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Dan Brown is once again taking on the big questions.…
Kazuo Ishiguro wins the Nobel Prize For Literature The British…
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Working as Ombudsperson for Human Rights in the State of Bosnia and Herzegovina in Sarajevo, Gret Haller became aware that the reactions of the United States and Europe are hardly ever the same, be it in Bosnia or in other parts of the world, with the current crisis in the Middle East offering just another example: in international negotiations it is always the United States that refuses to give up sovereignty. While Europeans view sharing as an instrument to guarantee freedom and peace, Washington sees it as a threat to its independence and power. Instead, the U.S. government relies on unsanctioned campaigns against rogue states. The author is not optimistic that the recent shift in the political climate in the U.S. will change this deeply ingrained attitude. In her book, based on in-depth and first-hand experience in the transatlantic political arena, the author concludes that any fresh approach towards addressing these differences will first require an understanding of their roots in history. In Europe, the Peace of Westphalia of 1648 began a development that led to the emergence of a nation-state that ultimately came to be based on shared sovereignty. In the New World, however, the dominance of society over the state marked a break with that European tradition.
Multiculturalism has been one of the dominant concerns in political theory over the last decade. To date, this inquiry has been mostly informed by, or applied to, the Canadian, American, and increasingly, the European contexts. This volume explores for the first time how the Australian experience both relates and contributes to political thought on multiculturalism. Focusing on whether a multicultural regime undermines political integration, social solidarity, and national identity, the authors draw on the Australian case to critically examine the challenges, possibilities, and limits of multiculturalism as a governing idea in liberal democracies. These essays by distinguished Australian scholars variously treat the relation between liberalism and diversity, democracy and diversity, culture and rights, and evaluate whether Australia’s thirty-year experiment in liberal multiculturalism should be viewed as a successful model.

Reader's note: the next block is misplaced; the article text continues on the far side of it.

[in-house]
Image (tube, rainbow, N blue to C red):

Although Spain is an important member of the EU, relatively little is known about its economy and its interrelationship with political forces. This book, the first of its kind, offers a long-term view and analyzes this ever-changing relationship throughout the 20th century with its various upheavals such as the crisis of the democratic republic and the civil war in the 1930s, the long General Franco dictatorship from the 1940s until the 1970s and the subsequent transition to democracy. From the detailed studies of individual cases, specific companies as well as entrepreneurial organizations, a very diverse picture emerges, contradicting widespread simplistic interpretations of politico-economic linkages, which demonstrates both the pluralism of the economic interests as well as the complexity of their relationship to the political class.
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